The London fog – it never looked more beautiful or provided greater inspiration than for Claude Monet when he decamped to London to escape the political violence of his home city, Paris in the 1970s. The most famous of the collection – and there are six of them together in this show – were painted over three consecutive winters at the turn of the 20th century and were completed in his studio in 1904. For Monet, the swirling mists which rose from the Thames and engulfed the riverside buildings and bridges provided the perfect subject for his fascination with the effects of light and atmosphere.
But Monet was just one of many artists who decamped to London during the final quarter of the 19th century. For illustration of why they left, the first gallery in this excellent show provides grisly and graphic evidence. James Tissot gives us some very strong and visceral clues to the murderous days following the Prussian invasion of Paris in 1870 and the Siege of Paris which caused appalling famine. This was followed by a popular uprising by the ‘communards’ – Parisians who felt furious with the behaviour of the Government – who were cruelly rounded up and executed. There’s a very graphic watercolour by Tissot of crumpled bodies at the bottom of a high wall while further victims rain down upon them.
London provided a safe haven and the ex-pat community of painters appear to have become close friends and looked out for one another. The sights of the city became a focus for their artwork. Some, like Alfred Sisley and Camille Pissarro enjoyed the look and feel of the suburbs where they lived. I’ve always adored the picture of Fox Hill in Upper Norwood and the railway station at Lordship Lane. It was a surprise and delight to see paintings by Pissarro of Kew Gardens, a cricket match on Kew Green as well as impressions of the centre such as the bright lights of Leicester Square by Monet and a chilly winter scene in Piccadilly by Guiseppe de Nittis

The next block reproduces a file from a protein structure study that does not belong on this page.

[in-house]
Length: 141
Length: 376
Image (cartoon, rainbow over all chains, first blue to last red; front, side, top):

Tissot seems to have swiftly recreated his successful lifestyle in London establishing himself as a society portrait painter but also a recorder of aristocratic soirees and depicting wealthy people enjoying the finer things of life. But I was amused by a painting he made called Too Early, showing the blushes of the enthusiastic guests who have arrived FAR too early for a posh ball at a smart town house.
The exhibition introduced me to artists I confess I was unfamiliar with too: Alphonse Legros, Jean-Baptiste Carpeaux and Jules Dalou are all spectacular sculptors. This marble sculpture of a mother with her baby, entitled La Berceuse (the Rocking Chair) by Dalou is intensely moving and a joy to walk round.
The exhibition concludes with three works by Andre Derain. Much younger than the established Impressionists, and arriving more for professional advancement than apparent flight from persecution, he brings a refreshing sense of colour and abandonment to his depictions of London. I really love the brightly coloured riverscapes which fill the final room. It’s a splendid send off from a show which is not only a visual joy but thought-provoking and historically fascinating.
The EY Exhibition: Impressionists in London runs from 2 November 2017 to 22 April 2018. http://www.tate.org.uk